The evils of in­dexes we could do without

The Weekend Australian - - BUSINESS REVIEW - ALAN KOHLER

Charles Dow and Ed­ward Jones have a lot to an­swer for. Without them we might not have share in­dexes and that would be a very good thing in­deed: in­dexes have been, and still are, a blight on hu­man­ity.

I’m only half-jok­ing, not even half re­ally, and any­way it’s way too late, of course. That ge­nie is well and truly out of the bot­tle and has been caus­ing havoc for more than a cen­tury.

What hap­pened this week, and seems to be still hap­pen­ing, was an over­due and over­sized (al­ready) ad­just­ment to share prices, in the ex­pec­ta­tion of a faster lift in in­ter­est rates than was pre­vi­ously ex­pected. Fore­casts of eco­nomic growth and prof­its haven’t changed; if any­thing they have grown, but the dis­count rate for fig­ur­ing out the present value of fu­ture cash flows has had to be tuned.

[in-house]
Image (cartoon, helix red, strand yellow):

In pre­view, I’m go­ing to ar­gue that share in­dexes al­ways make that nor­mal process far more dan­ger­ous than it should be, and that the in­ven­tion in 1885 by the then ed­i­tor of The Wall Street Jour­nal, Charles Dow, with the help of a statis­ti­cian mate, Ed­ward Jones, of the Dow Jones Trans­porta­tion Av­er­age, and then 11 years later, the Dow Jones In­dus­trial Av­er­age, were dis­as­ters for the calm func­tion­ing of cap­i­tal­ism.

It led, 122 years later, to this week’s head­lines that “$61 bil­lion was wiped off the value of Aus­tralian shares”, and much greater ab­sur­di­ties, and mis­eries, along the way.

Share in­dexes were cre­ated by a news­pa­per ed­i­tor for the pur­pose of com­ing up with sto­ries, a bit like po­lit­i­cal polls. They have no mean­ing ex­cept as a catchy way of sum­ming up a myth­i­cal thing called “the share­mar­ket”.

If that’s all they did, then no prob­lem, but the evil of in­dexes is em­bod­ied in the oc­cu­pa­tion of their cre­ator: it’s not so much their cal­cu­la­tion that’s the prob­lem, but their pub­li­ca­tion.